Battlefield Hardline Joins EA Access Vault
I never could come to grips with Battlefield Hardline’s vision of cops-versus-robbers, with all of its heavy weaponry and TV drama. Nonetheless it’s still worth a shot, and Xbox One owners can now do so without paying full price. Yes indeed, we’re talking about EA’s Access Vault subscription service.
Battlefield Hardline comes with an episodic single-player campaign designed to emulate modern TV crime dramas. It boasts a cast of actors and writers from series such as True Detective, Arrow, and House of Cards in a bloody story about revenge; although, come to think of it, I don’t think most games serve revenge sans blood.
One of the talking points leading up to release was Visceral Games being the studio behind Hardline, not series creator DICE. We know Visceral for their work on Dead Space so seeing them step into new territory was interesting. It wasn’t all from scratch of course, as they utilized the Frostbite 3 engine and built the multiplayer upon past Battlefield games.
In the end, it’s the multiplayer that gave Hardline a mixed reception. Despite its new theme it wasn’t enough of a departure from the military focus of the core Battlefield titles, and by then Battlefield 4 had been updated to the point of being far more entertaining.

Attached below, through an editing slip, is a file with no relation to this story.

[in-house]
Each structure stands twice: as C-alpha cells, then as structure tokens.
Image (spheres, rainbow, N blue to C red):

Which is why EA Access is the best way to go about trying the game.
For SG$6.45 a month, EA Access members get “unlimited play of every game in The Vault” as well as Play First trials and a flat 10% discount on all digital purchases on Xbox One.
Battlefield Hardline joins games such as Dragon Age: Inquisition, Battlefield 4, FIFA 15, and Need for Speed: Rivals among other sports titles. It’s a very small selection but a good way to try out different stuff at a significantly lower up-front cost.
Play First grants members access to games for a limited time before release too, and all eyes are on Star Wars: Battlefront which opens up on 12 November.
Is the service worth it? Bear in mind that the cost is on top of an Xbox Live membership, so the dollars do add up. That said it’s still cheaper than picking up those games off the shelf or second-hand, so if you know you’ll have some free time for a month or two then jump right on it.
More on EA Access at the official site.